Improved remediation design and operation resulted from effectively using reservoir-aquifer characterization tools to identify hydraulic flow units and connectivity of sediments in contaminant-affected shallow aquifer-aquitard systems. The objective of this approach was to utilize an improved understanding of subsurface conditions to develop more effective remediation designs and operating plans. This was accomplished by developing an increased understanding of aquifer storage and flow properties, preparing geologic models, and identifying contaminant migration pathways and permeability barriers. Characterization methods practiced in petroleum exploration and production were applied to near-surface sedimentary sequences to describe the subsurface hydrogeologic setting. Stratigraphic analysis using continuous core, detailed core descriptions and analogous sedimentary environments of deposition was employed to develop deterministic geologic models of the subsurface. Predictive mapping was used to delineate contaminant-affected soil and groundwater, and interpretations were adjusted in an iterative manner with the acquisition of data.

This paper will discuss case histories of overall project characterization and remediation of two sites located in Southern California, USA. These case studies demonstrate the effect of subsurface soil heterogeneities and variation in contaminant distribution on remediation.


The method of reservoir-aquifer characterization uses analogous sedimentary environments to describe a type of sedimentary locality (e.g., meandering stream), in which the resultant deposits are determined based upon specific lithological characteristics of texture, composition and sedimentary structures.1,2 A litho-stratigraphic soil description was developed to supplement the typical soil description to create an input data set useful for stratigraphic analysis, correlation and mapping of stratigraphic units based on sedimentary environments of deposition.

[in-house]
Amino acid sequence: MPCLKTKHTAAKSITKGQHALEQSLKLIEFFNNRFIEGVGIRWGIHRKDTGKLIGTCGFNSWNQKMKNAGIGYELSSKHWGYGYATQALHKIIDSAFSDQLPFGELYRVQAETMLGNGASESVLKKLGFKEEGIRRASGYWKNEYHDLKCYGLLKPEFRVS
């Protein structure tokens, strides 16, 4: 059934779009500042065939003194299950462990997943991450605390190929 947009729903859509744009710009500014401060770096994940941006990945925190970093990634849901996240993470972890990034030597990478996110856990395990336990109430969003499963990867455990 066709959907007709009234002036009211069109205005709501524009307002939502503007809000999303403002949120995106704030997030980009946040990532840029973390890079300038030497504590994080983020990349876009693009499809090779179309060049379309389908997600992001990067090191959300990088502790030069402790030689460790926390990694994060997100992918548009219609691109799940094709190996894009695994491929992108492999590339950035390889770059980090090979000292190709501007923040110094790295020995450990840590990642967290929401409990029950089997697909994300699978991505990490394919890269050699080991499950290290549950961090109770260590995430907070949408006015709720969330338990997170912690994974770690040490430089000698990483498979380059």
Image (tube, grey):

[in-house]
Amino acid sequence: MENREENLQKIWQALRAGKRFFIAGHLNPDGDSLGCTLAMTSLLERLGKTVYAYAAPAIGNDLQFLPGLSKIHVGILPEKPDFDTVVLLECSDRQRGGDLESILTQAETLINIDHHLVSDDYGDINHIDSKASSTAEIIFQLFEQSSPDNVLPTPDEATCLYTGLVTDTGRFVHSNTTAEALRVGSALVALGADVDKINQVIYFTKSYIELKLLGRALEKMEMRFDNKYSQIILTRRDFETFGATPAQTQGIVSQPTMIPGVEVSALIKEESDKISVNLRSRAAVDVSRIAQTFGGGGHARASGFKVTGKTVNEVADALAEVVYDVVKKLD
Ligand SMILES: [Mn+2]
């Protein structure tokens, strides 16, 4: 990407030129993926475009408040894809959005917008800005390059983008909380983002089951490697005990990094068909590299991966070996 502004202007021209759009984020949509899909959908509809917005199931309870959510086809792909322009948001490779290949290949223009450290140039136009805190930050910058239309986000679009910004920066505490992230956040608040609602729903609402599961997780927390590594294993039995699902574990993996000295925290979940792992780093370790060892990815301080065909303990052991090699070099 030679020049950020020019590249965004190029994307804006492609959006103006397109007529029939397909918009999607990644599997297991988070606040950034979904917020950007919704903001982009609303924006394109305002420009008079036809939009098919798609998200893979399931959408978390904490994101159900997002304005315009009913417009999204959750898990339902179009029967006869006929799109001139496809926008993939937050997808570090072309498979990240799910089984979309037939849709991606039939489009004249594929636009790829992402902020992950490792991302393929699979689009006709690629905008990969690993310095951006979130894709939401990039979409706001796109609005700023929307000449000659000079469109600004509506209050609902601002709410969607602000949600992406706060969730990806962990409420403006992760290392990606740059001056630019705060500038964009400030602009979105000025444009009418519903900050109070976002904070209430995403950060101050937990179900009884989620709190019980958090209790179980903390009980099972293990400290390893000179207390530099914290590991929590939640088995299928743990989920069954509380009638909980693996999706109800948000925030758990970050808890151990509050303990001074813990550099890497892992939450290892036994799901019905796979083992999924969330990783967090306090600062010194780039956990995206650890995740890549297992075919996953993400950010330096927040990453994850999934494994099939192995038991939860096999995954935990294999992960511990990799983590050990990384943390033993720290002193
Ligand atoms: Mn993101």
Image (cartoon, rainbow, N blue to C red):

Sedimentary sequences were described in terms of overall lithology and textures. Sands and silts were further described in terms of grain size range (Wentworth scale), median size, angularity, roundness, sorting and mineralogical composition (accessory minerals and fossils, and percent quartz, feldspar and lithic fragments) and sedimentary structures (bedforms, plastic deformation, tool marks, bioturbation, plant-root casts, etc.). Secondary porosity and permeability development in clay was identified by the presence of plant-root casts, carbonaceous plant fragments and caliche nodules. Continuous core sampling was conducted from the ground surface to total depths of 30 to 60 ft-bgs (feet below ground surface).Soil cores were checked for visible and detectable contaminants.

The lithology depth-profile served as the basis for well-to-well correlation and identification of vertical sedimentary sequences and bedding. Confidence in the well-to-well correlations was gained by the close similarity of lithology profiles between neighboring wells. Mapping was an iterative process based on comparison of lithology depth-profiles with similar and applicable sedimentary environments of deposition from which to develop a site-specific geologic model. Predictive structure and isopach maps and cross sections were constructed and refined after each phase of drilling. The maps and cross sections were used in depicting the extent of contaminant-affected subsurface sediments and for selecting future drilling locations.

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